The ins and out of lat flap breast reconstruction

Latissimus dorsi breast reconstruction is quite a mouthful and that is most probably why it is called lat flat breast reconstruction for short. Thankfully Dr Anton Potgieter expounds the surgery process in a much simpler form.

In a latissimus dorsi flap procedure an oval flap of skin, fat, muscle, and blood vessels from your upper back is used to reconstruct the breast.


The latissimus dorsi musculocutaneous flap (LDMF) was first used in 1896 by Italian surgeon, Iginio Tansini. It became popular for the management of mastectomy defects, but fell out of favour. In the 1970s it was ‘rediscovered’ for breast reconstruction, but its use declined once again in 1979 with the description of the TRAM (transverse rectus abdominis musculocutaneous) flap by Carl Hartrampf. More recently, with improvements in tissue expander and implant design, the LDMF has regained popularity as an alternative to the TRAM flap and has assumed an important role in reconstructive breast surgery.

Something about its anatomy

The latissimus dorsi is the largest and most superficial muscle of the back. It originates from the thoracic and lumbar spine, as well as the pelvis. The muscle fibres run over the tip of the scapula (shoulder blade), curve around the the side of the chest and insert into the humerus (of the upper arm). Its major blood supply is from the thoracodorsal artery which has a very consistent course, entering the muscle about 9 to 11cm below its insertion.

The physical after-effects of using the LDMF for a reconstruction are generally well tolerated by most women. There is little loss of function of the shoulder; weakness may be noticed during strenuous activity involving shoulder extension (pulling the shoulder back) and adduction (moving the shoulder down towards the chest wall).


The LDMF’s robust blood supply makes it very versatile allowing it to be used in patients who smoke and have medical illnesses such as diabetes. When used with an anatomical prosthesis, it can give a very pleasing result and it is a good option for partial volume defects after lumpectomy and radiation.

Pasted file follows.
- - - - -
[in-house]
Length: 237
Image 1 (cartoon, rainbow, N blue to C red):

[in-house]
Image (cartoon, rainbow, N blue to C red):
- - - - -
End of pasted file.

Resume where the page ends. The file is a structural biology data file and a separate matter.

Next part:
Elevation and relocation of a LDMF is straightforward. The skin island can be located anywhere in the large area between the tip of the scapula, the pelvis, the midline and lateral border of the back.

Orientation of the scar can be in any direction. It can be placed horizontally in order to be concealed in the bra line or obliquely to follow lines of resting tension in the back.

The LDMF can be used in both immediate and delayed breast reconstructions. In an immediate reconstruction, the procedure begins with the patient supine (lying on their back) and the mastectomy is performed by means of a skin sparing pattern with a general surgeon. In a delayed reconstruction, the previous mastectomy scar is opened and the area is prepared for the passage of the flap through the axilla and lateral border of the breast. Care is taken to preserve the lateral anatomy which ensures good shape and contour of the final result.

The patient is positioned in the lateral decubitus position (lying with their left side down and arm at 90 degrees to the chest wall) to carry out elevation of the LDMF. A fairly large amount of fat and muscle can be harvested in most patients in order to provide breast volume. Thin patients would need an alternate source of volume, such as an implant.

Once completed and ‘shaped’ all wounds are closed with buried absorbable sutures and drains are left in place. Drains are important with the LDMF donor site since this area can produce large amounts of serous fluid. Quilting sutures help to diminish the dead space and the drains help clear away the fluid which can accumulate.


Early recovery is difficult in the first two to three days, but comfort and range of motion improves quickly and by days 10 to 14 patients should be back to a normal level of activity. Strenuous activity will only be attainable at least four to six weeks after surgery and the utmost care ought to be taken at all times to avoid injury. There is considerable muscle swelling post-op which can take three to six months to resolve.


Dr Anton Potgieter trained at Wits University and worked at Baragwanath Hospital before starting private practice at Sandton Mediclinic. He has special interests in breast surgery and paediatric plastic surgery.